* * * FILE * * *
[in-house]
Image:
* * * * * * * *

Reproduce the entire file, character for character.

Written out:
[in-house]
Image: